Ranieri: I get to take advantage of my liberal arts/liberal education background. I also love seeing how ideas merge together and evolve over long stretches in history. I really enjoy intellectual history, or the history of ideas.
N&N: Has how you teach the course changed over the years? In what way?
R: It hasn’t changed in a general sense; my experience has just allowed me to integrate more deeply ideas and examples. I have always taken the approach that this is a history of ideas sequence, a way to see how ideas we work with today have evolved over the last 2500 years or so. Sometimes we fall into what Thoreau says are intellectual ruts that become “automatic” for us—they seem “normal,” the way humans should always view reality. Hopefully seeing how ideas have been conceived in the past helps us recognize how to get out of our “ruts” today, to think creatively and constructively. Of course, the other side of the teaching equation is the students. On that side I have always expected students to decide how these ideas relate to them. That is why my major assignments are all writing assignments—even the exams. On each of my honors syllabi is the quote, “Relating the self to the social and natural worlds, actively or reflectively, does seem to be the central aim of most traditions of liberal education. . . . “ (Sheldon Rothblatt, The Living Arts: Comparative and Historical Reflections on Liberal Education) So, in the end, that is the goal of every honors class I teach and why I give honors students choices about what to write about—choices in ideas and in texts to address.
N&N: How do you decide what material to cover and which authors to read for each section?
R: When I first started teaching, most sequence classes were taught by English faculty using only literature texts. We use literature, history texts, political texts, some history of science texts, and non-fiction essays. This is all tied to my interdisciplinary tendencies. I supplement with contemporary readings for Blackboard discussions or for class discussions in order to bring up-to-date the ideas we are dealing with, especially to show the relevance of ideas from past times and cultures to today.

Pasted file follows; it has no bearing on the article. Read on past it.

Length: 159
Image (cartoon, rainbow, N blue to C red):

N&N: How do you prepare for each class period?
R: First, I always read the material—every time—with very few exceptions in a semester. Then I go over pages of past notes and supporting articles looking for “entry points” to a reading that can start discussion or tease out critical ideas needed to understand this reading in context of past or future readings. I also note what aspects of the readings have to be mentioned in class because they are key to this text, or because they look back or forward to other material we have or will cover. Then, I look at my past URL’s and at the history book to see if there are artifacts that could be used to tie to the ideas or provide an entry point to the discussions. Then I go into class and launch with my starting points, trying to let the students guide the discussion on where it should and will go. After class I go over my notes to see if anything crucial was missed that needs to be “cleaned up” or mentioned at the start of the next class.
N&N: What is your goal for each class period?
R: Four things:
- To advance the history of ideas another little step, tying back to past classes when possible and previewing future ideas when relevant.
- To engage as many students as possible in the discussion knowing that some are thinking even when they don’t talk in class, and knowing some have not read the material as they should have.
- To always remember my key goals for the whole sequence.
- To have some fun and laugh when we can. N&N: What do you think are the most important ideas discussed in each section as well as through all three sections?
N&N: How is your teaching approach/style different for honors courses vs. non-honors courses, if at all?
R: It is more reflective, more focused on the advancing level of developmental thought.
N&N: What is the main thing that you want students to take away with them at the end of the sequence?
R: That the focus of learning at this level is on each of them. The heart of liberal education is that no learning takes place unless each student integrates ideas in to his/her own ways of thinking and then into his/her own actions. For the Greeks they sought a clarity between Thought→Words→Actions. That effort to clarify the first two (“logos”) and the integrate “logos” into actions defines each person’s ethos and arête (excellence). What that means is that no learning takes place that I as instructor can “force” on students. That is why all my major assignments are writing and why I need discussion in the classroom. I cannot force discussion or force intellectual integration of Thought→Words→Actions. I can foster an environment for that to occur and I can model that myself, but no learning takes place unless it is voluntarily done by each student. As a faculty member that is both “freeing” and “constraining.”
N&N: Anything else you’d like to add?
R: Since ancient times, learning has relied on modeling. I try to exhibit the same respect for language and expression that I require from students (including their right to express themselves, but also the need in a democracy to listen and respond to others in a civil manner). The highest level of advanced thinking is speculation. Advanced students have few opportunities to sustain speculative thought in today’s higher educational system. I give Honors students that chance and most of them thrive on it. ... We are all “texts” for a class. In this light it is both amusing and frustrating that students often treat the humanities sequence as less important than their disciplinary courses. In fact, those courses only take on their real meaning in context of what learning occurs in the honors humanities sequence.